Repstor explains why digital innovation starts with digital basics
As the cloud has become an accepted option for running and managing IT systems and applications, an increasing number of law firms have identified an opportunity to untether themselves from the confines and cost of legacy systems and processes. Using a hosted, utility-based sourcing model offers them greater flexibility. It makes it easier for home workers, remote specialists and travelling team members to work the way they need to, while collaborating fully with colleagues and external parties. Which could be just the beginning of a deeper transformation to the way legal teams operate.
It is no coincidence that Office 365, Microsoft’s cloud-based office suite, has become a popular choice for law firms when internal office and email system licences come up for renewal. Moving to a remotely-provisioned, usage-based software delivery model relieves firms of fixed infrastructure costs while supporting new ways of working.
But if legal teams are to reap the benefits of increased agility, it is important that this doesn’t compromise existing processes for matter management as emails and documents are shared and a case’s status progresses. Effective collaboration means each party needs to be assured of accessing the latest information, correspondence and documents. Unless all of this is consistently filed in the right place, and unless it’s easy to get the latest snapshot of where things are, legal professionals could waste valuable time searching for what they need or working from old content or information.
Recent research by Winmark, conducted among 200 senior legal leaders from international in-house and private practice teams, found that three-quarters of legal practices were keen to enable more flexible working. However, they were coming against some practical barriers. Forty per cent of teams lacked ready access to matter status.
A big part of the problem is that, because so much collaboration and client liaison happens over email now, information management isn’t always consistent. This is because the process relies on individuals remembering to file relevant emails and documents, in a target location where they can be found readily when working on the matter at hand. Even if there is a dedicated content-sharing portal (such as SharePoint), its status as the definitive reference point will be compromised if users aren’t storing files and correspondence there systematically. In turn, this erodes firms’ return on investment in those IT platforms.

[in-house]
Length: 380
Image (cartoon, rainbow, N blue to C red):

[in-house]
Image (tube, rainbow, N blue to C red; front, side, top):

So, although firms may be trying to modernise and become more “digital” in their matter management, without tight integration between systems it doesn’t automatically follow that IT progress will result in smoother, more efficient working practices.
The answer - to enabling legal professionals and administrative support staff to work more efficiently, and to maximising the impact of IT systems - is to embed filing and search capabilities within everyday office systems. In the case of an email system like Outlook, it means allowing them to file and retrieve emails and documents effortlessly from within this application. The point is that compliant administration needs to be intuitive and instinctive for users. If it requires that they open a new application, or take special action, they may forget, put it off or not bother.
Facilitating positive change at Eversheds Sutherland
At firms like Eversheds Sutherland, digital matter management - having a systematic, easy way of managing and tracking matter-specific documents, and related activity - is a great time saver and an important facilitator. Where teams are dispersed across multiple locations (its 2,300 lawyers work across 55 locations in nearly 30 countries), it’s particularly important that content management across the matter lifecycle is consistent, efficient and traceable.
Smaller firms need these capabilities too, to make their resources go further. Corporate legal teams, which face many of the same pressures, also have much to gain from improved collaboration and matter traceability, so they can deliver and demonstrate value to the business.
Ultimately, integrated digital matter management improves fee earner productivity, gives a better impression to clients, and increases the return on IT investment. The cloud makes it affordable, and the familiarity of using existing software to manage everything ensures consistent take-up.
For IT managers, all of this sets the stage for more creative progress too. That’s not just towards better cost control, higher productivity, more agile working, greater visibility and easier reporting. Longer term, digital matter lifecycle management could also lay the groundwork for future service innovation, as it becomes easier to analyse how time is accounted for and where processes are highly routine and repetitive. Ongoing monitoring of matter progress and matter-related processes could help highlight the potential for automating routine tasks - as the basis for new service models such as fixed-price conveyancing - freeing up experienced legal professionals for more demanding (and rewarding) work.
Look after the digital basics, and the future becomes a lot easier to visualise and plan.